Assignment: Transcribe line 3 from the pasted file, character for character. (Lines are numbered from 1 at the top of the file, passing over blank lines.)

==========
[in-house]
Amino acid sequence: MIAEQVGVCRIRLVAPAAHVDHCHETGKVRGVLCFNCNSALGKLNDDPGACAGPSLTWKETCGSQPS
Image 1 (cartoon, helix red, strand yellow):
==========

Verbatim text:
Image 1 (cartoon, helix red, strand yellow):